Attitudes[edit | edit source]

Aggro decks are best known for their primary strategy: going face. Because of this, aggro decks are sometimes dismissed by parts of the player base as being "mindless", especially "face" decks that focus almost exclusively on hero damage. This is also not helped by the speed and apparent ease with which such decks achieve victory when successful.

However, high level Hearthstone players have noted that there are certain skills which are often underrated when playing aggressive decks. Minion positioning, the consideration of when to and when not to trade, the ability to maximize damage, and how to set up the final push for damage are all crucial for high level aggro play. While most attacks may be directed at the face, the decision of which card to play and when to redirect effects at minions instead of the enemy hero make face decks as challenging to play as many other decks, and their emphasis on speed at the expense of longevity makes early victory not only a possibility but also their only chance at success.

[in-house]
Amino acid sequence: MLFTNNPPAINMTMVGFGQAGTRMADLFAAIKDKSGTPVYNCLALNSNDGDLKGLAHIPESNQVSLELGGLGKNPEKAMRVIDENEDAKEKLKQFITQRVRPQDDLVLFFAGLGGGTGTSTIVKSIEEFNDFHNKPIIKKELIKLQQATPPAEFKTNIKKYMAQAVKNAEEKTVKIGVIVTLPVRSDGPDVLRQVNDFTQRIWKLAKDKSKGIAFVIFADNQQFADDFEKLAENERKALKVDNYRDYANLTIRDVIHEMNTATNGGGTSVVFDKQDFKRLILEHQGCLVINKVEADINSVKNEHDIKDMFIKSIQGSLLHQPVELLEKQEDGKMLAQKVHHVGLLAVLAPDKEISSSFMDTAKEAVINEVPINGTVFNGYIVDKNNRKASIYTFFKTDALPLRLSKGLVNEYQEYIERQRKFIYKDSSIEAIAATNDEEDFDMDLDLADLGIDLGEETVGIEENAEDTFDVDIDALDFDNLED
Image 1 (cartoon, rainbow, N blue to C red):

As noted above, such decks are also far from invincible, and depending on the current meta various counter-decks are usually available.